Avalanche: #SaveArnaldo


PNNscholar1 - Posted on 28 October 2019

Author: 
Kerima Cevik
Arnaldo Rios Soto, Autistic, Nonspeaking, and Brown, is about to be evicted from his current group home.  
 
His crisis brought back a personal memory. So here is that brief, true, Kerima memory.
 
When I was in my teens, I worked summers as part of the Youth Conversation Corps. One of our projects was assisting efforts to reclaim the Palso strip mine. A group of us were standing with our supervising forest ranger on the top of a mountain of slag looking at miles of blasted fields and ponds filled with acid runoff when suddenly the rubble beneath us shifted and three of us tumbled downward with the landslide. The other two managed to stop and scurry back up. But each time I moved, the mountain seemed to respond by raining more debris around and over me. It was an avalanche. I was sure I was going to die that day. 
 
If we were to create a timeline of each pivotal event in Arnaldo Rios Soto’s life, I believe those traumatic moments would morph into a rubble mountain of suffering and trauma. Arnaldo has now seen the ground shift beneath him one too many times. An avalanche is happening, and Arnaldo, like me the day I hung suspended on a slag mountain, is scraped, bruised, too young to die. The detritus of a failed disability care system falling like rubble all around him, he is now being evicted from another group home on the excuse that money was cut from his care budget. 
 
Arnaldo’s life is measured by how much profit he makes for those who offer services to house and care for him. His family’s lives have been punctuated by seeking the land of autism care Oz, that place where Arnaldo won’t be beaten, chemically lobotomized, where someone, anyone, can truly see him as a human being and not a collection of behavioral reports, untreated complex PTSD and medications. They are tired, burnt out with disappointment in that shattered dream of an American mainland utopian disability care system they sacrificed and journeyed from Puerto Rico for in vain. 
 
What will happen to Arnaldo now?
 
What happens to Arnaldo now is up to all of us. We are his family now. He is in our care. So we need to understand how and why Arnaldo matters. Arnaldo’s situation is greater than his news headlines. His situation right now is bigger than my personal emotional reaction, informed by the fact that he once looked so much like our son that both my husband and I cried out in shock when we saw that video of him sitting in the middle of the street, holding his toy truck, police shouting and Charles Kinsey shot and bleeding beside him.
 
 It is greater now than Arnaldo not understanding that he was about to tumble down that cruel mountain of police interrogation for the crime of sitting in the street holding a toy truck while disabled and Brown. Arnaldo is now the symbol of what it means to be a nonspeaking autistic male of color at the mercy of a system that views the Black and Brown disabled body as a threat. This system, founded on eugenic attitudes, views those with complex support needs as burdens or cash cows. When the profit margin is not enough the cash cow is sent to the slaughterhouse. For someone like Arnaldo, who was harmed by agents of the state, leaving him without shelter and the complex support he needs is tantamount to destroying his psyche entirely. And returning him to a hellhole institutional setting like Carlton Arms is unthinkable and unacceptable.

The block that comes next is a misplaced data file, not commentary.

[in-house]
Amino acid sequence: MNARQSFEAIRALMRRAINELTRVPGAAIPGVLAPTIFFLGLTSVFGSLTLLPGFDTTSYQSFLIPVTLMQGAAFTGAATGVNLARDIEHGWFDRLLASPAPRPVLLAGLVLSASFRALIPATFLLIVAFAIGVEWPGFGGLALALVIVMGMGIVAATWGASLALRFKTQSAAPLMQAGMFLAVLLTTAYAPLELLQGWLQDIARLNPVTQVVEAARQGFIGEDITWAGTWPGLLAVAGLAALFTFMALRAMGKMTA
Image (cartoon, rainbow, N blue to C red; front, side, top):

What that means is that what happens to Arnaldo now has the potential to impact how future cases like his are handled across our country. If we can act together and change his destiny it will demonstrate that our community has the power to transform the destinies of others brought low by this system. It means that the lifetime efforts of hundreds of disability justice activists have managed to change something. We need this hope because we multiply marginalized people have become the targets of hate groups instigated by those who feel that the current administration has given them a free license to hunt those who are oppressed and vulnerable. So what I am doing right now, typing, wheezing with asthma, pushing past joints that ache to write this is reaching out to say this is the time when all of us, ALL OF US, can help Arnaldo. #SaveArnaldo can trend on every social media platform enough to make those who made the decision to cut funding for Arnaldo’s care rethink their decision. Organizations can support Autistic Self Advocacy Network’s leadership and issue statements in support of the Sotos family. Legislative advocates can reach out to their lawmakers. This takes a few moments, a click, a retweet. But multiplied exponentially, collective cross disability community action could be an avalanche that forces a positive resolution to Arnaldo’s crisis. 
 
As I was sliding down a mountain of slag towards my death, two other people volunteered to lay flat, one grabbing the ankles of the other, and acted as a human rope. Five others held on to the arms of the person laying flat on the top of that mountain for dear life. Then they all heaved up and backwards. 
 
Together, they saved my life.
 
I am asking you all to make a human and virtual chain. Get him off that sliding bureaucratic slag mountain and back into a place where his family can see him every day and he can be safe and cared for. #SaveArnaldo. 
 
Peace.
 
Poor Magazine Lays out My position on catastrophic encounters with Law Enforcement:
 
Read and hear more about Arnaldo:
 
Aftereffect: Against the Erasure of Arnaldo Rios Soto
 
Aftereffect: A SWAT team, an autistic man, an American tragedy.
 
Podcast: Aftereffect — an indictment of America’s disability care
 
On catastrophic encounters between disabled youth and men of color with law enforcement specific to Arnaldo’s case:

PNN RADIO

Sign-up for POOR email!